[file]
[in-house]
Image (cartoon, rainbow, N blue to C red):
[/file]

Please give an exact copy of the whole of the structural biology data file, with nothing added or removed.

[in-house]
Image (cartoon, rainbow, N blue to C red):